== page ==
A Graphic Design Firm Talks Templates
A Graphic Design Firm Talks Templates
As a graphic design firm, we get requests for templates from time to time. We get it; your team needs to be able to convey a message quickly, without the need for a custom design or an invoice attached.
However, there are many things to consider when requesting a template. Do you have the proper programs to edit the native files? Do you or your staff member have the technical skills to use the program? If a change to the template throws the design out of whack, will you notice and have the expertise to work around it?
You see, there are a lot of reasons why templates are scary to a design firm. One of our main goals as an organization is to create brands that are cohesive and relevant. Seeing that brand uphold its integrity and value comes in a close second. Your brand will quickly start to dissipate if the editor is not savvy in branding technicalities.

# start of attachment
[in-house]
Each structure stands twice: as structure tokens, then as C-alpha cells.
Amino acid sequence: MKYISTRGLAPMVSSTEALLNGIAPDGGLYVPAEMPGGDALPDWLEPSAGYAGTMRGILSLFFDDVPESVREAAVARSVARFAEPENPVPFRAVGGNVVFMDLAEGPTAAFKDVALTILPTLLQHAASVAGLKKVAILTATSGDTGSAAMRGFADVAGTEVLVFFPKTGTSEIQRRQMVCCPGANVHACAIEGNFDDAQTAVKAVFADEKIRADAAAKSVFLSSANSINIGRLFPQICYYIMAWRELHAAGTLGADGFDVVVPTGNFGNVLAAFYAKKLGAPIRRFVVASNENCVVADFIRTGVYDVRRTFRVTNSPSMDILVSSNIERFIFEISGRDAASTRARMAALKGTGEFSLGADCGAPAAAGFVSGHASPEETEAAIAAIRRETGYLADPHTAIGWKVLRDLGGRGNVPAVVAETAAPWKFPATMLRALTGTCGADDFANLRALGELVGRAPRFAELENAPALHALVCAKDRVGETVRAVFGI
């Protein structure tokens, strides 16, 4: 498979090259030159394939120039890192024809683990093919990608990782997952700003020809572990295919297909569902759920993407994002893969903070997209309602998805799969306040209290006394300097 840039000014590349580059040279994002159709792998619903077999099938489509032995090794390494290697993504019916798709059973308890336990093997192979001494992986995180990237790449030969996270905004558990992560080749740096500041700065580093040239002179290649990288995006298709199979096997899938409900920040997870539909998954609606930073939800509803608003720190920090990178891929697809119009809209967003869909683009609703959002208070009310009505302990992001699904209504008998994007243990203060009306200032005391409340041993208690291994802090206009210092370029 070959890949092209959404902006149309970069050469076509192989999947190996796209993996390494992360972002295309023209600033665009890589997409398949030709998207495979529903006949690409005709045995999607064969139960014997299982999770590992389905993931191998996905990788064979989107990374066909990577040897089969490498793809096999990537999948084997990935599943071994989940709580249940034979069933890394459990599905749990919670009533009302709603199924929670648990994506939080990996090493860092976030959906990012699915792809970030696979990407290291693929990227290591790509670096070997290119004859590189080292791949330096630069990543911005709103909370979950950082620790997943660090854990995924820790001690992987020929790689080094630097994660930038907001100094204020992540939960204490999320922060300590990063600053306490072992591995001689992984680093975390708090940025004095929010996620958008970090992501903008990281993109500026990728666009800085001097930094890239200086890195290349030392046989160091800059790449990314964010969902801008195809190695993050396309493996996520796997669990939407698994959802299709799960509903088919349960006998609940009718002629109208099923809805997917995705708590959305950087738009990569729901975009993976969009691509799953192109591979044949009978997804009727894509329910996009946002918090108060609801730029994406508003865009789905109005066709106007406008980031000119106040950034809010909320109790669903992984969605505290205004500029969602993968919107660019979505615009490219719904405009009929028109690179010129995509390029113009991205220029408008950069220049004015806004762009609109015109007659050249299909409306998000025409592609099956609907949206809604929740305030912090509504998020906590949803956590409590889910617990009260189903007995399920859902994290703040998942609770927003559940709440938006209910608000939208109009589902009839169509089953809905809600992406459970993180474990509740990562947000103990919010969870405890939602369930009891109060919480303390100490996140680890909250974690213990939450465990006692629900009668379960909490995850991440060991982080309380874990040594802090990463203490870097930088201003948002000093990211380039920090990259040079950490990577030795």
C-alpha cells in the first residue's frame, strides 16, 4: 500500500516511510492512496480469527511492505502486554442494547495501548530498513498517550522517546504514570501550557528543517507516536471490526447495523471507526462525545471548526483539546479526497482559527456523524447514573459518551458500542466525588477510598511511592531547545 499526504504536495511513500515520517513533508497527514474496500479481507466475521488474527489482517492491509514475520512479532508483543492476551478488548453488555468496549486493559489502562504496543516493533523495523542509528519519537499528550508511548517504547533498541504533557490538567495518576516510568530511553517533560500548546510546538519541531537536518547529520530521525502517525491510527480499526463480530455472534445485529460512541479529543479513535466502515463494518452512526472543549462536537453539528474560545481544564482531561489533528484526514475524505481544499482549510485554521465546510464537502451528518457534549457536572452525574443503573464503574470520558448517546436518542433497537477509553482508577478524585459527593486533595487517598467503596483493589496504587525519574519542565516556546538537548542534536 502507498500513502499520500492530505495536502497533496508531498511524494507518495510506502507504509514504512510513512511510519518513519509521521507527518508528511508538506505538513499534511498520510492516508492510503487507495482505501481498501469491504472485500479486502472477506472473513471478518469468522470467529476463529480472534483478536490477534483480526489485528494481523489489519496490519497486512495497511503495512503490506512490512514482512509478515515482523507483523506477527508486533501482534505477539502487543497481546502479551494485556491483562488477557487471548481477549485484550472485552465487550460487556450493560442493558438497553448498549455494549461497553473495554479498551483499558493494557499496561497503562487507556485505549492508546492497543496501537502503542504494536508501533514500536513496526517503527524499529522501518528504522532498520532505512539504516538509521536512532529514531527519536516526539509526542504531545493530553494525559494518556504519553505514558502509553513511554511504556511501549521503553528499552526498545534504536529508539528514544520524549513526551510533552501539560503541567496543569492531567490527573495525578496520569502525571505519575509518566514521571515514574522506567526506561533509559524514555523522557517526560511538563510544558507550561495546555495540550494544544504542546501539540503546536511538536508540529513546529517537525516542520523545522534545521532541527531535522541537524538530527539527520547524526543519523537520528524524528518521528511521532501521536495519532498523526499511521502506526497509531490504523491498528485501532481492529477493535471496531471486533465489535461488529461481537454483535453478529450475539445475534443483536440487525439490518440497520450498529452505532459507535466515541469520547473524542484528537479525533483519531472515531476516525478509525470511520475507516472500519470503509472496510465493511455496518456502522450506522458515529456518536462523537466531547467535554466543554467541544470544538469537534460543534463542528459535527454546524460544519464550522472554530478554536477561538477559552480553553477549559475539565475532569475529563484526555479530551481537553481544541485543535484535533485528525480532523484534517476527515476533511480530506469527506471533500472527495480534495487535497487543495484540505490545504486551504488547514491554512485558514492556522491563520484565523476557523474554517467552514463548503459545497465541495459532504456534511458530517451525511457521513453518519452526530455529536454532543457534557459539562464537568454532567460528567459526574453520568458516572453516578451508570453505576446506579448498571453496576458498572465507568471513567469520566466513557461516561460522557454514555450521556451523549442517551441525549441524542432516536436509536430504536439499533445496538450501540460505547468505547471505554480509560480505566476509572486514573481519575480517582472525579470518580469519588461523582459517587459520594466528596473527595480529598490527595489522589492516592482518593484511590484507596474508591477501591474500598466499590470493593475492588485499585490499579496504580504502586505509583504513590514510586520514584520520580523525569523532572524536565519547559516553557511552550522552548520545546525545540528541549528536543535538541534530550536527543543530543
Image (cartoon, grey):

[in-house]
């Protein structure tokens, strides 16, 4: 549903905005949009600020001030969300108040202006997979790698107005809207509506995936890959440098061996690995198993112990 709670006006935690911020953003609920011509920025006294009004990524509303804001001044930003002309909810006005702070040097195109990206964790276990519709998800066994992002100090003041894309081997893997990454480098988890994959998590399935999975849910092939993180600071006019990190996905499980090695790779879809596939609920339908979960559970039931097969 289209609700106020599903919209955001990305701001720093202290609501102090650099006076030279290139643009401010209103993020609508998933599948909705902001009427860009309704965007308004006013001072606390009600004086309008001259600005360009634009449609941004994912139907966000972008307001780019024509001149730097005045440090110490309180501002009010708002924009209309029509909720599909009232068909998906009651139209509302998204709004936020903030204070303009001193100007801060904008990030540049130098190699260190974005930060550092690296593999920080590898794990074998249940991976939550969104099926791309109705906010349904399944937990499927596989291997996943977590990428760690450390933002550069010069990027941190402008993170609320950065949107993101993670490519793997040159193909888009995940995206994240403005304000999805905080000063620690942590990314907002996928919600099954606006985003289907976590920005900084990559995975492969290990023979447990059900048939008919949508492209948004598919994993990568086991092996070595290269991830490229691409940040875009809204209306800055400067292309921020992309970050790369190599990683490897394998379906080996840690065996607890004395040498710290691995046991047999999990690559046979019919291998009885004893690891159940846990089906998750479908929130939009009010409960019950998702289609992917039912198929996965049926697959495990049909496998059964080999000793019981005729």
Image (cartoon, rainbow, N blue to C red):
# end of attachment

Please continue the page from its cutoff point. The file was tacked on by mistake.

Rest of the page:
That’s not all. There are other pieces to creating a template that just don’t work.
Technicalities of Templates
We do our design work mostly in InDesign. Designers at Nice Branding typically make every piece of art in this program. There is no way to “export” the work into Word or any other program. It is saved in InDesign and then converted to a PDF for printing or placement.
Our creative team are pros with design programs. We spend a ton of time and money working with professional-grade tools. It’s likely that you are not well-versed in InDesign and are hoping for your template to be able to be manipulated in a program such as Microsoft Word or Publisher. However, there is no way to get the design into Word. This means we just can’t create a template in that context. It’s not because we don’t want to help, we just can’t.
The capabilities of Word and the capabilities of Indesign are miles and miles apart. We can provide limited value from a visual perspective when working in Word; and quite frankly, we just don’t like Word. It breaks our Macs!